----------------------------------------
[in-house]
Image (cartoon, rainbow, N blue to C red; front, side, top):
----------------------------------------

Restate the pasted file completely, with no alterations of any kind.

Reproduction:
[in-house]
Image (cartoon, rainbow, N blue to C red; front, side, top):